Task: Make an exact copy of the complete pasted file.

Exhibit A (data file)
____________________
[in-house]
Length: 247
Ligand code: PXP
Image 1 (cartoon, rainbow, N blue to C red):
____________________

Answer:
[in-house]
Length: 247
Ligand code: PXP
Image 1 (cartoon, rainbow, N blue to C red):